Stuart Russell, Professor of Computer Science at the University of California, Berkeley, author (with Peter Norvig) of Artificial Intelligence: A New Approach, and CSER External Advisor, has warned of risks from Artificial Intelligence, and encouraged researchers to rethink the goals of their research.
Writing on edge.org, described by The Guardian as ‘an internet forum for the world’s most brilliant minds’, Russell noted that while it has not been proved that AI will be the end of the world, “there is no need for a proof, just a convincing argument pointing to a more-than-infinitesimal possibility.” He notes that many unconvincing arguments have been refuted, but claims that the more substantial arguments proposed by Omohundro, Bostrom and others remain largely unchallenged.
Up to now improving decision quality has been the mainstream goal of AI research, an end towards which significant progress has been made in recent years. In Russell’s view AI research has been accelerating rapidly, and senior AI researcher express considerably more optimism over the field’s prospects than was the case even a few years ago, and that, as a result, we should be correspondingly more concerned about the field’s risks.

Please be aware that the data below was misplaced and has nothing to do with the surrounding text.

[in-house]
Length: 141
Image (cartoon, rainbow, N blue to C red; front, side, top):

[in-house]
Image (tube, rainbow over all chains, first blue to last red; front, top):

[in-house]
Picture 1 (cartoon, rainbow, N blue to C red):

He dismisses fears that those raising the prospect of AI risk will call for regulation of basic research, an approach which would be misguided and misdirected given the potential benefits of AI for humanity. The right response, he writes, is to change the goals of the field itself from building a pure intelligence, to building an intelligence which is provably aligned with human values. In the same way as containment is seen as an intrinsic part of nuclear fusion research, such an approach would reliably and practically limit the risk of future catastrophe.
Read the entire discussion including contributions from, among others, George Church, Professor of Genetics at Harvard and CSER advisor, and Peter Diamandis, Chairman of the X Prize Foundation here.